Kashmir special status case hearing sheds light on Constitution

Kashmir special status case hearing sheds light on Constitution

Top Indian court continues hearing case challenging government's 2019 decision to scrap special status of Jammu and Kashmir

By Anadolu staff

ANKARA (AA) – The top Indian court on Thursday continued hearing the case challenging the Indian government's 2019 decision to scrap the special status of Jammu and Kashmir, with petitioners questioning the role of the parliament which abrogated the special status.

As the second-day hearing began in the morning, senior Advocate Kapil Sibal, the petitioner's counsel, continued his argument in the case before the constitution bench led by Indian Chief Justice Dhananjaya Yeshwant Chandrachud, which is conducting a day-to-day hearing in the matter.

Sibal told the bench there is a "nuanced interpretation" of Article 370 and also argued "370 can't be touched," according to the Indian legal news portal Livelaw.

On day one of the hearing, the bench questioned the petitioners who can recommend the revocation of Article 370 in Jammu and Kashmir when no constituent assembly exists there.

The body that debated and drafted the Constitution was called the Constituent Assembly. While the Constitution of India came into force in 1950, a year later – in 1951 – the Constituent Assembly of Jammu and Kashmir came into being.

Kapil told the court that Article 370 was tossed out of the window through a "political act."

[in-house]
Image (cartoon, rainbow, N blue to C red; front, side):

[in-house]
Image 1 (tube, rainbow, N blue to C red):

He also argued that according to Clause (3) of Article 370, the recommendation of the Constituent Assembly of Jammu and Kashmir was necessary to abrogate Article 370.

"This was not a constitutional act. Parliament took upon itself the role of constituent assembly and revoked Article 370, saying it is exercising the will of the people of Jammu and Kashmir. Can such a power be exercised?" he questioned, according to the news gathering agency Press Trust of India. He added: “Never in the history of this country has a state been converted into two union territories.”

He also argued that "political act cannot be exercised by the Parliament, which is a legislative body. Because that legislative body is controlled by the Constitution. It can't go beyond that." He noted that "the Indian parliament cannot say by a resolution that we are the constituent assembly."

Last month, the court set Aug. 2 as the starting date for day-to-day hearings of the petitions –except on Mondays and Fridays.

In the ongoing hearing, at least 18 counsels are expected to present the arguments on behalf of various petitioners and intervenors. According to the information available, around 60 hours are required for petitioners to complete their arguments. The court will also hear the government in the case.

On Aug. 5, 2019, India repealed Article 370 of its Constitution, which allowed Jammu and Kashmir its own constitution, flag, and two-house legislature that could frame its own laws.

Another piece of legislation that day scrapped Article 35A, which had allowed the region to define its residents and barred outsiders from buying properties or taking up government jobs.

Previously a single state, Jammu and Kashmir was downgraded and divided into two centrally ruled union territories called Jammu and Kashmir and Ladakh. This drew sharp reactions from both Pakistan, which claims the region in full, and China, which claims parts of Ladakh and controlled a sizable part of the entire Jammu and Kashmir before the formation of India and Pakistan in 1947.

Collectively, several individuals, groups, and political parties filed nearly 20 petitions at the apex court, calling the decision illegal and unconstitutional.

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